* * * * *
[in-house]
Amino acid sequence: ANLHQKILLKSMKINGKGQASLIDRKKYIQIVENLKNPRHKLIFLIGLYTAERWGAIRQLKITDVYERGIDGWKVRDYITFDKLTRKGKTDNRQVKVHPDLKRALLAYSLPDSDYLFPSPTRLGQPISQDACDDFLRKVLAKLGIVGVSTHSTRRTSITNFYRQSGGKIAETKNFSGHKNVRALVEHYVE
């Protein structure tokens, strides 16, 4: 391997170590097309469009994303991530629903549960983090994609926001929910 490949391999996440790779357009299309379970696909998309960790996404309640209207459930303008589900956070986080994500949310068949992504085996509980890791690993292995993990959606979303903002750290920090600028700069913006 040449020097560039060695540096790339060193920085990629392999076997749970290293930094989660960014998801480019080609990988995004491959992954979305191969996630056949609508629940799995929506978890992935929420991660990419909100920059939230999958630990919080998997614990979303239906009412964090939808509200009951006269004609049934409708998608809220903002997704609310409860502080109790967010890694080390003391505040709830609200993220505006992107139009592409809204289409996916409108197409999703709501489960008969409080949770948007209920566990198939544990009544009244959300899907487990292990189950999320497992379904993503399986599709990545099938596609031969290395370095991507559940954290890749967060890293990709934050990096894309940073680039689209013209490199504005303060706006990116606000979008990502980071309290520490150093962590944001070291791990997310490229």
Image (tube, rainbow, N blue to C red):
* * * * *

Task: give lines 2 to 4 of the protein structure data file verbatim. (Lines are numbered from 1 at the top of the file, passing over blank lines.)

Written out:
Amino acid sequence: ANLHQKILLKSMKINGKGQASLIDRKKYIQIVENLKNPRHKLIFLIGLYTAERWGAIRQLKITDVYERGIDGWKVRDYITFDKLTRKGKTDNRQVKVHPDLKRALLAYSLPDSDYLFPSPTRLGQPISQDACDDFLRKVLAKLGIVGVSTHSTRRTSITNFYRQSGGKIAETKNFSGHKNVRALVEHYVE
């Protein structure tokens, strides 16, 4: 391997170590097309469009994303991530629903549960983090994609926001929910 490949391999996440790779357009299309379970696909998309960790996404309640209207459930303008589900956070986080994500949310068949992504085996509980890791690993292995993990959606979303903002750290920090600028700069913006 040449020097560039060695540096790339060193920085990629392999076997749970290293930094989660960014998801480019080609990988995004491959992954979305191969996630056949609508629940799995929506978890992935929420991660990419909100920059939230999958630990919080998997614990979303239906009412964090939808509200009951006269004609049934409708998608809220903002997704609310409860502080109790967010890694080390003391505040709830609200993220505006992107139009592409809204289409996916409108197409999703709501489960008969409080949770948007209920566990198939544990009544009244959300899907487990292990189950999320497992379904993503399986599709990545099938596609031969290395370095991507559940954290890749967060890293990709934050990096894309940073680039689209013209490199504005303060706006990116606000979008990502980071309290520490150093962590944001070291791990997310490229």
Image (tube, rainbow, N blue to C red):